e-learning, or “electronic learning” is fast becoming the leading mode of distance delivery in adult education. It is also a powerful tool in increasing diversity among learners. As more learners become engaged in e-learning, instructors and course developers are finding that the pool of learners is becoming increasingly diverse. Among those learners who access adult education through e-learning, a portion will be those who have learning challenges due to disability.

e-learning and education must work to meet the accelerating needs of communities, especially as the numbers of students with disabilities in societies particularly in remote and disadvantaged communities, has increased. For this reason, we are required to work with groups of developers, researchers, teachers and volunteers to combat this situation. We are also obliged to set work plans and look to the data gathered from monitoring and evaluation to realize to be able to make informed decisions and changes.

We can work gradually through a grounded base of special education teachers, volunteers and donors, who implement e-learning strategy and suggest ways in which instructors and course developers can prepare their e-learning courses so that accessibility is maximized for all learners, including those with disabilities. Observing the principle of universal design for learning, “best practice” teaching strategies and accessibility guidelines will reduce barriers in an e-learning environment.

ICT Providing Computer Accessibility for Persons with Disabilities

It is important to have intensive exchanges of knowledge and experience in promoting awareness, planning and developing accessible ICTs solutions in the context of sustainable and equitable development for present and future generations.To address the digital divide faced by persons with disabilities in the world and to promote digital opportunities for PWDs, a set of decisions, (declarations) and recommendations must be made as well as the formulation of standard definitions of terms such as PWDs, (ICT) “and “Accessibility”. For example, “Accessibility” can readily be reached or used at: People with Physical Disabilities, Blind and Visual Impairments, Intellectual and Hearing Disabilities. Also, Learning Disabilities, Autistic Spectrum Disorders, Down Syndrome and Dyslexia.

The role of people in the ICT industry is to promote and enhance teaching, learning and exploring the issues relating to how ICTs enhance learning. ICT practitioners should also explore how ICTs enrich the learning opportunities and potential of students who have disabilities.

The issues is largely a software concern; realizing ways when software, hardware, or a combination of hardware and software, can enable use of a computer by a person with a disability.

ICTs and Barriers: What do we need and what are the challenges?

It is crucial to raise awareness about the barriers that persons with disabilities face and identify the potential of technology to overcome these barriers.

Several inter-related barriers to ICT can be identified in existing literature. These are:

  • Lack of interest.
  • Lack of awareness.
  • Difficulty of access.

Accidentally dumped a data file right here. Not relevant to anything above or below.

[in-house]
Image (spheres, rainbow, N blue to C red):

• High cost of ICT.
  • Lack of on-going support.
  • Lack of training.
  • Limited complementary services e.g. assistive technology, special accommodation for certified exams, vocational counseling and assessments.
  • Limited accessibility features at mainstream ICT training facilities.

For the sake of brevity, these barriers will be referred to throughout the document simply as interest, awareness, access, cost, training and ongoing support. In this sense, the above-identified barriers can be seen as bottlenecks in the path towards ICT education and inclusion.

People enter the process of ICT education and inclusion at different stages. For example, some persons may already have aninterest in and awareness of ICT having recently retired from a job requiring computer literacy. Others may have money but lack and awareness of means by which they can access ICT. The barriers, therefore, inter-relate and overlap. For example, there is often a prohibitive cost associated with training or on-going support. Similarly, little or no awareness of low cost and no cost options can serve as a bottleneck to bringing ICT equipment within the financial reach of many PWDs.

There are different types of support structures available within countries; specialist national, regional, and global working groups to support networks and online networks can all be considered valuable support structures. However, it is may be necessary to focus efforts on combinations of one or more structures to increase the success of the role of ICTs in development disabilities by overcoming attitude barriers in relation to understanding the benefits and possibilities of ICTs at policy and diffused responsibility for policy implementation.

Conclusion: “The People are the real wealth of a nation”

ICT is providing opportunities and making life easier for students with disabilities by introducing them to innovations in quick succession. Students with disabilities are now able to communicate with each other and learn through tools of Assistive Technology (AT) and Information and Communication Technologies (ICTs).

Despite the fact that AT & ICTs are helping students with disabilities to learn and interact, there are still some barriers that stand in the way of the disabled taking advantage of these wonderful technologies. The following are suggestions on means to overcoming these barriers:

  • Ensure that all students with disabilities have available to them a free appropriate public education that emphasizes special education and related services designed to meet their unique needs and prepare them for further education, employment and independent living.
  • Design and develop special education programs and instructions to meet the unique needs of a student with a disability that is provided at no cost to the child or the child’s parents. Ensure that these programs are provided in the classroom, in the home and institutions and in other settings.
  • Establish training programs to disabled instructors and develop personal training, classroom training, e-learning and online seminars according to need and preference.
  • Collaborate with universities and development research projects to focuses on innovation in the area of Arabic language solutions to expand the reach of AT solutions to Arabic-speaking students.

Finally, people with disabilities should have the same rights to participate in the Information Society as other citizens. ICT should be tools that help overcome barriers they face in education, the workplace and social life.